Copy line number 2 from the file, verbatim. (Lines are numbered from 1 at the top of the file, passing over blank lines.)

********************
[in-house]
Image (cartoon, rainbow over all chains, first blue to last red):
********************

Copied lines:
Image (cartoon, rainbow over all chains, first blue to last red):